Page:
Maximalist

Standard

I was wandering up Castro Street in that sort of aimless way which is such an important part of my charm when I bumped into our old friend Gaye.  We caught up, which was easy for my part since I am a Lady of Leisure and thus the answer to “What have you been up to?” tends to brief in the extreme.  Gaye then enthused about a documentary she was off to see about minimalism.  She went on at some length about the importance of unburdening oneself when I finally interrupted to remind her that she and her husband own two homes, one of which is actually a compound, comprising a main house, two guest cottages, a barn, a shed of indeterminate purpose, and a pond.  A motherfucking pond.  Gaye had the grace to look sheepish.

I am no real fan of minimalism,  Oh, maybe in museums or gas stations, but as for home decor or a mode of living, no thanks.  I think all gay men of my generation can remember being hit with both barrels of decorating restraint in the 80s and I, for one, am still reeling.  Severe bleached wood floors, chilly white walls and the ambiance of an operating theatre.  Sex in those environs always carried with it the pleasant frisson of despoiling something, but then after, finding a towel to wipe up with was such an hassle.

True to my inner old dowager, I like stuff.  Tchotckes on tables, pillows on sofas, nice things for the cat to fuck up.  Stupid cat.  Not to the level of madness that Victorian spinsters hit, or some of the queens I have known who had to dust with dental floss to squeeze between all the bibelots, but still, some stuff.

I try to be mindful that too much knickknackery is a dead giveaway sign of having crossed over into old poofhood, so the other day when Secret Agent Fred dropped by and asked “What is that thing rolled up in the hall?  Is it a dead body?” I briefly considered going with the corpse angle to hide my shame.  In the end, though, I had to admit the truth.  “I might have bought another rug,” I said.  Airily.  Fred wondered where a new rug was going.  I assured him if I moved three of the existing ones around, everything would be fine.  That’s when I started to wonder if I have a problem.  Is there a home decor intervention in my future?  Is there redecorator rehab?

In my defense, let me point out it is a gorgeous piece.  In the late 1920s up until World War II shuttered them, there were several rug weavers in Shanghai that created these stunning rugs in odd, vibrant colors and charming pictoral designs like pagodas and lanterns and bamboos.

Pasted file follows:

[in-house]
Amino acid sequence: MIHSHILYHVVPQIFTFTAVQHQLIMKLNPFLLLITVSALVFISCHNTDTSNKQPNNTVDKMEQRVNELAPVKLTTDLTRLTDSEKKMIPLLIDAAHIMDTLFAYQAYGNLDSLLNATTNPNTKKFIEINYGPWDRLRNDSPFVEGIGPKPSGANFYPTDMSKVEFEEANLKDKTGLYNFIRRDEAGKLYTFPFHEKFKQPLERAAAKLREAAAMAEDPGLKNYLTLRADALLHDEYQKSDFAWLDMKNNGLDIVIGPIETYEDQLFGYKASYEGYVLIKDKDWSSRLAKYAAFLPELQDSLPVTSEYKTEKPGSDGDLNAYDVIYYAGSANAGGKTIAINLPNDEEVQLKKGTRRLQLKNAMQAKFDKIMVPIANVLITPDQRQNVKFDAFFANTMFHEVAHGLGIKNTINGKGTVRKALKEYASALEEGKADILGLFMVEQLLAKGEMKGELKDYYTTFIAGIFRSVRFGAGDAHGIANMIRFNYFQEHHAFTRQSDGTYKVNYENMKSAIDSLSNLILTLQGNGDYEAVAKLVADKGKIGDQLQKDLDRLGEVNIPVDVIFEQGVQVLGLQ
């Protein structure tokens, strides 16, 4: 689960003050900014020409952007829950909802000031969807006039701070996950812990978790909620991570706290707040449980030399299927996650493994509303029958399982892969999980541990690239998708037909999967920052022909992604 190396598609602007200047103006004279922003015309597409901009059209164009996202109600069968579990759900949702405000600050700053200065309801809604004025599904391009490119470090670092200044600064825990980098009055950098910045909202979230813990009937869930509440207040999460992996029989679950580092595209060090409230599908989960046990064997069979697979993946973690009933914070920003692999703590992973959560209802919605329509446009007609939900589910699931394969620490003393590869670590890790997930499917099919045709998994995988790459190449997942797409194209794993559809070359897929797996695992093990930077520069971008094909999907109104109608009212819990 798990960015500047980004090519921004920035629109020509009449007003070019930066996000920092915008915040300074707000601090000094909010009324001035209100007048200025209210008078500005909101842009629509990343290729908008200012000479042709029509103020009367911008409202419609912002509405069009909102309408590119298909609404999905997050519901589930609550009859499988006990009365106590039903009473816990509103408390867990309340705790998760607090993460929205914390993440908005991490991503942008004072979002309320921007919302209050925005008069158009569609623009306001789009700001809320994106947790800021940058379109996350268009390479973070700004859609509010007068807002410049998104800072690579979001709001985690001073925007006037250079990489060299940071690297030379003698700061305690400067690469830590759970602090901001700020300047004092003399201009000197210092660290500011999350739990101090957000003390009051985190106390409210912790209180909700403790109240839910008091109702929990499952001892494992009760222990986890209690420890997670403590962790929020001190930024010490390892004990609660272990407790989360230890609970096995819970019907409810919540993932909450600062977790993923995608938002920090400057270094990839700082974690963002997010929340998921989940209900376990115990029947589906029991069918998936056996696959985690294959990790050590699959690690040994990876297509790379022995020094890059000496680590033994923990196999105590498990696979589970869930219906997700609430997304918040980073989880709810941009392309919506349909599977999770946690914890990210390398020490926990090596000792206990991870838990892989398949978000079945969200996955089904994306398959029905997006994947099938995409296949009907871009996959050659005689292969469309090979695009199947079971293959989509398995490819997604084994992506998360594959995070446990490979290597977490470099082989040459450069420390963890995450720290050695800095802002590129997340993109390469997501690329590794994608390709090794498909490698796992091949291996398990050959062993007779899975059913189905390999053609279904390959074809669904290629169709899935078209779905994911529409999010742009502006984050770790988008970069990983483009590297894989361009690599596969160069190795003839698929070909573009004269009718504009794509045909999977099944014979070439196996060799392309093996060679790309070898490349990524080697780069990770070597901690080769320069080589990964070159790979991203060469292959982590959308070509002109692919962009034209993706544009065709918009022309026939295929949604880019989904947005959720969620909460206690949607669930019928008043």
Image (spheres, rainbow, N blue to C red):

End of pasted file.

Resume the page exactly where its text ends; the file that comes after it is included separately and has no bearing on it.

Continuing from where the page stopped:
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This one is the most beautiful tones of chartreuse and lavender and the design is something that I think is a geyser and a parrot, dahlias, and lotus.  Obviously, I had to have it.  And this is the LAST ONE.  I swear.

16 responses »

  1. You poor thing. You’re suffering from the vapors, or vapor lock, or Vapo-Rub, or something like that. Really — chartreuse and lavender?? Are you stuck somewhere in the ’80s with Joan Collins’ old shoulder pads? Anyway, Saki can help, for he is not as stupid as you maintain. (Saki: We need a hairball on this, STAT. Several, if you can manage it. Or follow Secret Agent Fred’s suggestion and leave some dead mice on it.)

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  2. The carpet is stunning. If you ask me, it’s just the sort of thing to go with a Nile Green Silver Lustre Luncheon Set. I’ll post it to you as soon as find the last few saucers…

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  3. So pleased to see that you are in the front lines of the counter offensive to save the world from the Minimalists one carpet and dish at a time.

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  4. It’s a lovely rug but the shading would drive me potty, I’d be following my guests around with a carpet sweeper rubbing out their footprints.

    You can’t go wrong with a looped berber.

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  5. Having recently seen the aforementioned rug, I can vouch for its loveliness. And it must be the last one as there is no other floor space lef . . . .ooo, wait; the foyer!

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